Homes threatened by rising water at Rice LakeRICE LAKE, N.D. (AP) — Water has been rising at Rice Lake, a popular getaway a few miles southwest of Minot, leaving residents worried about how their lakeside homes will make it through the summer.
By: Associated Press, The Jamestown Sun
RICE LAKE, N.D. (AP) — Water has been rising at Rice Lake, a popular getaway a few miles southwest of Minot, leaving residents worried about how their lakeside homes will make it through the summer.
Several cabins have already flooded, some residents have been forced to move their homes and others have abandoned homes to the rising water, the Minot Daily News reported Saturday.
Rice Lake sits above the Douglas Aquifer. The water level began rising more than a year ago after three consecutive winters of heavy snows.
With no natural outlet to disperse heavy rainfall, the lake rose 8 inches in an eight-day period earlier this month, and it’s currently rising about three-quarters of an inch a day, resident Bob Hargrave said.
“The road on the north side is starting to get wet again,” Hargrave said. “Nobody has an answer. I would say with another foot or so we’d lose another five to 10 cabins.”
The road on the south side of Rice Lake, where several lake homes remain surrounded or threatened by high water, was raised in an effort to maintain access to a low section of lakefront. Dikes have been built and water is being pumped, but it may be a losing effort.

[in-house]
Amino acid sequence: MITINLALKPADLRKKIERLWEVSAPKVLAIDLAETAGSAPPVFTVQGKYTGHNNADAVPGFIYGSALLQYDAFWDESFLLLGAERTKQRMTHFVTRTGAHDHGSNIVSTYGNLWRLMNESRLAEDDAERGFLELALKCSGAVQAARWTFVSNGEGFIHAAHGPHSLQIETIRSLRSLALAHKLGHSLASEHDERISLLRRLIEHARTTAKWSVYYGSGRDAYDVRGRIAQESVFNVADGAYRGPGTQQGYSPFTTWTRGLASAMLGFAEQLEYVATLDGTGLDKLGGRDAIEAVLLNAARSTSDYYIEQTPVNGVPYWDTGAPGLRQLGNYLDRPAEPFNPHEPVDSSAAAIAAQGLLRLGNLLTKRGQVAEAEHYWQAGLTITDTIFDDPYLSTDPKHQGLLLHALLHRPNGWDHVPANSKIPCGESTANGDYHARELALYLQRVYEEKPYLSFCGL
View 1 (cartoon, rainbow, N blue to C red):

“Some have pretty much given up the fight. We’re starting to see a little bit of that happening. I don’t blame them,” Hargrave said. “People who have been here since the ’50s say they’ve never seen anything like this.”
A recent break in a portion of the Rice Lake sewer system is believed to have been caused by too much pressure from underground water.
“The high water only complicates that system,” said Steven Eberle, project engineer for Ackerman-Estvold Engineering. “It is a continued expenditure to maintain the system. We don’t know what the elevation will come up to.”
Rice Lake residents began a pumping program last summer which resulted in lowering the lake level, but it appears to have provided just a few months respite from the continual rise.
“Pumping is done for the time being,” Hargrave said. “We ran out of storage space for the water, and money.”
A permanent solution being sought is a proposed $6 million pipeline leading south from Rice Lake into Douglas Creek. The State Water Commission is reviewing the proposal.